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Thursday, April 24, 2014

Make Mailings a Little Easier This Year

Posted by eileen on December 9, 2009

Tired of hand-writing your envelopes?  Sick of typing twelve different end-of-year letters for various friends and family?  Using a mail merge can help with these problems!  All you need is Microsoft Word, Microsoft Excel, and a printer.  Simply type your names and addresses into an Excel sheet and then quickly pull them into Word to create envelopes, labels, letters, or any other type of document!  See the library’s handouts for step-by-step instructions:

Mail Merges in Office 2007

Mail Merges in Office 2003 and older versions

Need more help?  Microsoft Office Online offers free tutorials!

Mail Merge I: Use Mail Merge for Mass Mailings

Mail Merge II: Use the Ribbon and Perform a Complex Mail Merge

The library also offers a free Mail Merge class each month (except December).  Check the Computer Classes page for the current class schedule.

Book Lover’s Calendar for 2010

Posted by eileen on December 2, 2009

Trying to think of a small holiday gift to ship to your aunt?  Can’t think of anything for that under $10 grab bag gift for your work holiday gift exchange?  How ’bout a Book Lover’s Calendar?  The Friends of WPL are currently selling these awesome calendars for just $7 each!  They retail for $12.99, so this a great savings opportunity.  The proceeds go to the Friends, who do great things for the library, like putting on our Sunday concert series.  Pick one up at the Reference Desk or the Checkout Desk before they are all gone!

Here’s what Amazon says about it: “Book Lover’s Page-A-Day Desk Calendar: Packed with hundreds of great reads, Book Lover’s is the calendar that keeps you reading. So many books to choose from: There’s Union 1812, the definitive, richly detailed account of America’s “second war of independence.” A Thousand Splendid Suns, Khaled Hosseini’s poignant follow-up to The Kite Runner. Plus where to start with Jorge Luis Borges, Lincoln Child’s page-turning oceanic thriller Deep Storm, and a fascinating portrait of the life and times of Benny Goodman.”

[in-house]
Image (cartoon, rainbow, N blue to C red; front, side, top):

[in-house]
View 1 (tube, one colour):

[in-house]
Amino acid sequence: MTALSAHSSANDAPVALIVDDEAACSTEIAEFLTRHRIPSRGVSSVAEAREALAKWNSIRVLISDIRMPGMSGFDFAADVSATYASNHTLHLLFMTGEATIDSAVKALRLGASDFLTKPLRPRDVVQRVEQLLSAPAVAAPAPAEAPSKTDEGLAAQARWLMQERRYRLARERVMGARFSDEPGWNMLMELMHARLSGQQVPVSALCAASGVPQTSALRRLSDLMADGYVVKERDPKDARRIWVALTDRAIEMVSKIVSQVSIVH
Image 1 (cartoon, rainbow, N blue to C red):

Happy Thanksgiving!

Posted by eileen on November 23, 2009

There are so many wonderful things about the holiday season!  Here are my Top Ten Favorite Things about Thanksgiving and a corresponding library item or website to go with each thing.

1. Spending time with family and friends – Relatives and Reunions – Connecting with Family from About.com, Take Better Family Portraits and Photos from hp.com

2. Eating mashed potatoes – The Spud Book: 101 Ways to Cook Potatoes

3.  Decorating – Thanksgiving Fun: Great Things to Make and Do

4. Watching a favorite funny holiday movie – A Christmas Story

5. Cooking – Betty Crocker Complete Thanksgiving Cookbook : All You Need to Cook a Foolproof Dinner

6. The Macy’s Thanksgiving Day Parade – Official Website

7. Reading some favorite books to my niece and nephew – The Berenstain Bears Forget Their Manners

8. Black Friday Sales! - Black Friday 2009 Countdown: Final Week of Deals,Tips, & News from USA Today online

9. Watching Football – Football for Dummies

10. Sleeping in – The Harvard Medical School Guide to a Good Night’s Sleep

What are your favorite things about Thanksgiving?

Victoria Day

Posted by eileen on May 19, 2009

Today is Victoria Day, which is celebrated in Canada.  It takes place each year on the Monday on or before May 24th.  Although the holiday’s purpose is to celebrate Queen Victoria’s and the regining monarch’s birthdays, Canadians view it as the beginning of the summer season.  It is quite similar to how Americans view Memorial Day, a day to open up your cottage or pool for Summer (or start wearing white shoes and pants).

Don’t know much about Canada?  Check out Lands and Peoples, one of the great databases of information the library offers.  Just type Canada in the Find it Fast search box.  This database is a great jumping off point for research for adults, but can also be easily navigated by children.  Is your child or younger sibling doing a country report?  Show him/her Lands and Peoples!  To access this from home, you will need your WPL card number and PIN.

Another great source is the CIA World Factbook, which is available online for FREE.  Check out their entry on Canada!

Picture from http://www.flickr.com/photos/husseinabdallah/2082709783/

April Holidays and Wikipedia

Posted by eileen on April 8, 2009

Yes, April Holidays and Wikipedia is a strange title.  April has so many interesting holidays: Passover, Easter, April Fool’s Day, Earth Day, etc.  When I need quick information about something, like a holiday, Wikipedia is my first stop.  I like its straight-forward nature.  For example, the entry about April Fool’s Day, says “Please help improve this article or section by expanding it.”  What other source flat-out admits it needs more information?

Also, Wikipedia can be a great way to find other sources.  Take a look at the entry on Earth Day.  If you scroll down to the References section, you have links to the many articles cited in the entry.  Also, there is an External Links section, which leads to sites like the Earth Day Network and the government’s Earth Day page.

I am a librarian, so obviously I am not going to tell you to get all your information from Wikipedia.  It is a great way to gain a general understanding of a topic though.  To expand on that information, check out one of the library’s amazing databases, like InfoTrac General OneFile.  This database includes information from over 25,000 magazines and scholarly journals.  If you know how to search Google, you know how to search General OneFile.

Still don’t believe Wikipedia is a valid source of information?  Why believe other people’s opinions?  Check it out for yourself: http://en.wikipedia.org/wiki/Wikipedia:About